The Salem Tidings

From the Pastor’s Desk

 
 
 

 Note from Pastor Paola:

If I speak in the tongues of men or of angels, but do not have love, I am only a resounding gong or a clanging cymbal. If I have the gift of prophecy and can fathom all mysteries and all knowledge, and if I have a faith that can move mountains, but do not have love, I am nothing. If I give all I possess to the poor and give over my body to hardship that I may boast, but do not have love, I gain nothing. Love is patient, love is kind. It does not envy, it does not boast, it is not proud.
(1 Corinthians 13:1-4)
 
 
The apostle Paul didn’t write these words as a poem to be read in happy times such as weddings. He wrote them in the midst of difficult times of uncertainty, changes, conflicts and dissensions. He was challenging the church in Corinth to keep at the center of their lives what counts the most: Love. Love is what God asks of us. Love is what matters. Love is the reason why Jesus came among us and  gave his life on the cross.
 
These words speak loudly today as we live in a time that is, in many ways, similar to the Corinthians. From our own family dynamics all the way throughout our country and world, we live in a challenging time of uncertainty and conflicts exacerbated by over a year in a pandemic. Fear and uncertainty are very hard on us and lead us to inward looking, being absorbed by our own worries and interests. Yet, this way brings us only more brokenness and loss.
 
The way out, the way of a new beginning, is the way of love. If I do not have love, I have nothing. On the other hand, if I have nothing, but I add to it love, then I have everything in God’s eyes. I know the word love is overused and seems to have become a cliché. Love is not primarily a feeling. Although it certainly will involve feelings, it is not primarily desire. It is not primarily closeness. It is not mainly being agreeable or doing what you want me to do. Jesus understood love as a God-powered condition of being in which I want the best for everybody I come in contact with.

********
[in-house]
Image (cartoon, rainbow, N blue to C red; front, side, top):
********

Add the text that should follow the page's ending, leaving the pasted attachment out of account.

In fact, this kind of love, agape love, where I want the best for others, will express itself very differently depending on the condition of the person I’m with. If somebody is hungry, and I love them with this love, I’ll try to feed them. If somebody is lonely, and I love them with this kind of love, I’ll try to connect with them and listen to them. If somebody is discouraged, and I love them with this kind of love, I’ll cheer them on and encourage them. Genuine love seeks to be helpful according to the other person’s needs, not according to my natural preference.
 
Imagine what our lives, our families, our country, and this world would look like if we love others this way?
It really begins with me
 
Blessings,
 
Pastor Paola